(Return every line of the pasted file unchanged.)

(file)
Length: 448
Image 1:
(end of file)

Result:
Length: 448
Image 1: